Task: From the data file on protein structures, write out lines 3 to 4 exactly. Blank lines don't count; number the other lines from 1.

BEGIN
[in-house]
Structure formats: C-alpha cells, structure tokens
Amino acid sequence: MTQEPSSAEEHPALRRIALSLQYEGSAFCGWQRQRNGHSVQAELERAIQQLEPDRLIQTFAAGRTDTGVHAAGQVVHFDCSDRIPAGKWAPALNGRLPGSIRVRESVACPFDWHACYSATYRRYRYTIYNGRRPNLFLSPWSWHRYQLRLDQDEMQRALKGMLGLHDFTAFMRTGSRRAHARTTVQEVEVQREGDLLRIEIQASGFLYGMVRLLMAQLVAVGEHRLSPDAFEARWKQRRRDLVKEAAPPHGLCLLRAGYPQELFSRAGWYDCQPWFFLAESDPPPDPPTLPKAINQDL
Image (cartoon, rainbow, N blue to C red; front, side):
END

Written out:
Amino acid sequence: MTQEPSSAEEHPALRRIALSLQYEGSAFCGWQRQRNGHSVQAELERAIQQLEPDRLIQTFAAGRTDTGVHAAGQVVHFDCSDRIPAGKWAPALNGRLPGSIRVRESVACPFDWHACYSATYRRYRYTIYNGRRPNLFLSPWSWHRYQLRLDQDEMQRALKGMLGLHDFTAFMRTGSRRAHARTTVQEVEVQREGDLLRIEIQASGFLYGMVRLLMAQLVAVGEHRLSPDAFEARWKQRRRDLVKEAAPPHGLCLLRAGYPQELFSRAGWYDCQPWFFLAESDPPPDPPTLPKAINQDL
Image (cartoon, rainbow, N blue to C red; front, side):